'Phytocap' landfill research receives $734,000 grant

Sunday, 16 October, 2005

Researchers at Melbourne University have been awarded a $734,000 grant from the Australian Research Council to evaluate and develop a new planted-soil capping technology for landfills known as phytocapping ('phyto' = plant).

To be conducted at five sites around Australia, the research program will determine whether phytocaps can perform more effectively, sustainably and economically than conventional landfill caps.

The CEO of the Waste Management Association of Australia (WMAA), Ms Val Southam, explained that landfills remain the major means of waste disposal in Australia and a significant potential source of environmental contamination if not managed appropriately. "Conventional landfill covers such as compacted clay caps control percolation of rainfall into the landfill waste zone by acting as low permeability 'raincoats'. Unfortunately, they can deteriorate and leak, which in turn produces landfill leachate and, therefore, potential for groundwater contamination. It is difficult, expensive and often impossible to repair these leaks," she said.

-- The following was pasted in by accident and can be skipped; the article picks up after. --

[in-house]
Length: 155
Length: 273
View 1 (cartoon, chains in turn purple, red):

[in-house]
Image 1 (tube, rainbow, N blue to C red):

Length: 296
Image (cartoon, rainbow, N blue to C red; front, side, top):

Phytocaps, on the other hand, work with rather than against the forces of nature, Ms Southam said. "They function as 'store and pump' mechanisms - an earth layer typically about a metre in depth stores water during rainfall events and the plants then act as 'solar pumps' to remove the stored water through plant transpiration. This can provide a more effective and less expensive alternative for controlling percolation. Moreover, because phytocaps are living systems they can 'self-repair' any faults that might begin to develop, making them more sustainable."

The research is set to begin in early 2006.

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